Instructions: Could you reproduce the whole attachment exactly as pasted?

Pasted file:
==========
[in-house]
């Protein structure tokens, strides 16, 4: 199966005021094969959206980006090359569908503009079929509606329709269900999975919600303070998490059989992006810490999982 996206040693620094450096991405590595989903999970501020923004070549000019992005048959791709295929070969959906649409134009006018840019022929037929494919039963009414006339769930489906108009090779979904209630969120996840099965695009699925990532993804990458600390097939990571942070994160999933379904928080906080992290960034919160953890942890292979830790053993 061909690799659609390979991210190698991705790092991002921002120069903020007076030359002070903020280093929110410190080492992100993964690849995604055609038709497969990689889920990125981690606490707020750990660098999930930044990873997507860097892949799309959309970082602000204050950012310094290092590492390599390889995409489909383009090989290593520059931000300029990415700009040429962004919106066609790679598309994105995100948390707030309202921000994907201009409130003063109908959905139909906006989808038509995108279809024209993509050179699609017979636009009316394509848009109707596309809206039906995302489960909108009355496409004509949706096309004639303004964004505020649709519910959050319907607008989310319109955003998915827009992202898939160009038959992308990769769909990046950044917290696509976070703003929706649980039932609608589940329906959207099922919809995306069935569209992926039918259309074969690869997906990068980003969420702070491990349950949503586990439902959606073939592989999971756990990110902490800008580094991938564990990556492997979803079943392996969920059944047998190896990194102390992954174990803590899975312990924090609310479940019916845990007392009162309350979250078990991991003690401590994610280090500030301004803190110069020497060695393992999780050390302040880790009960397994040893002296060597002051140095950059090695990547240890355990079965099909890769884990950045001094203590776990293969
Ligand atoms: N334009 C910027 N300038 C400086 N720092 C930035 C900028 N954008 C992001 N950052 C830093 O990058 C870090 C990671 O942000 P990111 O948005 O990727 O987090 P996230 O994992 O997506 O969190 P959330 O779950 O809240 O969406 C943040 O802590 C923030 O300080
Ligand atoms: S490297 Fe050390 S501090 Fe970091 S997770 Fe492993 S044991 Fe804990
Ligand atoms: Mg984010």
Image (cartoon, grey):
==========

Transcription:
[in-house]
């Protein structure tokens, strides 16, 4: 199966005021094969959206980006090359569908503009079929509606329709269900999975919600303070998490059989992006810490999982 996206040693620094450096991405590595989903999970501020923004070549000019992005048959791709295929070969959906649409134009006018840019022929037929494919039963009414006339769930489906108009090779979904209630969120996840099965695009699925990532993804990458600390097939990571942070994160999933379904928080906080992290960034919160953890942890292979830790053993 061909690799659609390979991210190698991705790092991002921002120069903020007076030359002070903020280093929110410190080492992100993964690849995604055609038709497969990689889920990125981690606490707020750990660098999930930044990873997507860097892949799309959309970082602000204050950012310094290092590492390599390889995409489909383009090989290593520059931000300029990415700009040429962004919106066609790679598309994105995100948390707030309202921000994907201009409130003063109908959905139909906006989808038509995108279809024209993509050179699609017979636009009316394509848009109707596309809206039906995302489960909108009355496409004509949706096309004639303004964004505020649709519910959050319907607008989310319109955003998915827009992202898939160009038959992308990769769909990046950044917290696509976070703003929706649980039932609608589940329906959207099922919809995306069935569209992926039918259309074969690869997906990068980003969420702070491990349950949503586990439902959606073939592989999971756990990110902490800008580094991938564990990556492997979803079943392996969920059944047998190896990194102390992954174990803590899975312990924090609310479940019916845990007392009162309350979250078990991991003690401590994610280090500030301004803190110069020497060695393992999780050390302040880790009960397994040893002296060597002051140095950059090695990547240890355990079965099909890769884990950045001094203590776990293969
Ligand atoms: N334009 C910027 N300038 C400086 N720092 C930035 C900028 N954008 C992001 N950052 C830093 O990058 C870090 C990671 O942000 P990111 O948005 O990727 O987090 P996230 O994992 O997506 O969190 P959330 O779950 O809240 O969406 C943040 O802590 C923030 O300080
Ligand atoms: S490297 Fe050390 S501090 Fe970091 S997770 Fe492993 S044991 Fe804990
Ligand atoms: Mg984010």
Image (cartoon, grey):